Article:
God has given me several gifts recently to help me along in my feeble attempts to parent our children well.  One of those has been a book study with a group of foster and adoption moms, led by the wonderful therapist who works with our family on attachment and trauma issues related to adoption and loss.  The group is a gift because it is one of the places (and God has been so good to give me several - He clearly sees I need all the help I can possibly get!) where I can be blunt and honest and clear about how. very. hard. this. all. is. some. days.

Recently, in our group the subject was Disarming Defiance (one of the tools that kids from hard places use to protect themselves from the deep fear that they carry with them is Defiance - and it is a huge button-pusher for me.  I hate, hate, hate it).  One of the tools for Disarming Defiance that we talked about was "making provision" for our kids.  It's the idea of anticipating our children's needs and paving a way for them ahead of time when possible.

In our house, it can be as simple as sending one child out to the car thirty seconds before everyone else (because if I don't, that child will somehow seek control and will instigate conflict with a sibling or three for every single one of the seventeen steps between the front door and the van - and heaven help us all if I forgot to remind them that they have assigned seats in there).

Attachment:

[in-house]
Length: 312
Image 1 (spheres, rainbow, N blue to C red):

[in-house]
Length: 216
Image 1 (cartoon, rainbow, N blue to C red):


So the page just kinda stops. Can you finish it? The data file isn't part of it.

Or it might be remembering not to attempt conversation with a child in the morning before I have gauged whether they slept through the night or if they are exhausted because they woke several times (a side effect of anxiety) and before they have gotten some behavioral meds on board (yes, behavioral meds, they have saved our family).

It could be respecting the one child who can't handle a regular hug.  But, in the right moment, he can accept a bear squeeze from behind or deep pressure on his arms.

It could be sitting in church with a dysregulated and anxious three-year-old and doing joint compressions for her because it will settle her for even just a minute or two.

It can be scores of tiny interventions each day that will make relational interactions a bit smoother for a child who struggles so much in family relationships, removing some of the obstacles and struggles for that child that might otherwise trigger fear and then defiance or many of the other broken tools that child has relied on to feel safe.  It's giving small opportunities, instead, for them to feel safe through our provision, giving small opportunities to have successful interactions, however tiny they might be, with siblings and parents rather than failure piled on top of failure.

The thing is, when I think of it as "making provision," I can do it with a happy heart.  But when I think of it as "why do I have to orchestrate every single little thing around here?" my heart is most definitely not happy.  It is a hard knot of resentment.  And it is not easy to attach to a mom who is carrying a hard knot of resentment.  I know this to be true because I live it too many days.